It's not always what you know, it's who you know. Whether it is a good deal on a product, a free place to stay on a vacation or the extra edge to beat out competition for a job, knowing the right people helps people get the things they want.
Understanding and Auditing
by Chris Jones - March 3, 2004
Social engineering is an oft-underestimated threat that can be warranted against through education and policies and procedures. While most companies are utilizing training and introducing new policies and procedures to combat social engineering, the only way they can be sure these methods are effective is through auditing specifically for these types of attacks.
The Threat of Social Engineering and Your Defense Against It
by Radha Gulati - October 31, 2003
This paper describes various forms of Social Engineering, its cost to the organization and ways to prevent social engineering attacks, highlighting the importance of policy and education.
A Multi-Level Defense Against Social Engineering
by David Gragg - March 13, 2003
This paper will add value to the security community in three ways: by incorporating the current social psychological research into the discussion of understanding and resisting social engineering; by using the psychological literature to provide a multi-level defensive strategy for hardening employees to social engineering threats; and by developing the concept of "social engineering land mines" as a part of the multi-level defense against social engineering.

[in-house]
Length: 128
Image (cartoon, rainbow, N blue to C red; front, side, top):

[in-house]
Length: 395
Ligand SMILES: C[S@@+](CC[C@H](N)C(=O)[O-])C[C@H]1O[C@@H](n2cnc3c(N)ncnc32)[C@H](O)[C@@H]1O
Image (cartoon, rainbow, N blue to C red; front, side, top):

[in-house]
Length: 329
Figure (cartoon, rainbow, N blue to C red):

Corporate Espionage 201
by Shane Robinson - February 15, 2002
This paper presents some background information on corporate espionage, who is doing the spying, how it is being done, a few real life examples, and some guidelines to follow in order to protect a business from becoming a victim.
The Enemy Within: A System Administrator's Look at Network Security
by Lawrence Dubin - January 7, 2002
This paper addresses the intrusion detection and measures of protection.
Social Engineering: A Means To Violate A Computer System
by Malcolm Allen - October 12, 2001
The purpose of this paper is to act as a guide on the subject of Social Engineering and to explain how it might be used as a means to violate a computer system(s) and/or compromise data and the counter-measures that can be implemented to protect against such an attacks.
A Proactive Defence to Social Engineering
by Wendy Arthurs - August 2, 2001
This paper addresses the need for good policies to defend against social engineering attacks, as well as an effective, on-going security awareness program.
Most of the computer security white papers in the Reading Room have been written by students seeking GIAC certification to fulfill part of their certification requirements and are provided by SANS as a resource to benefit the security community at large. SANS attempts to ensure the accuracy of information, but papers are published "as is". Errors or inconsistencies may exist or may be introduced over time as material becomes dated. If you suspect a serious error, please contact firstname.lastname@example.org.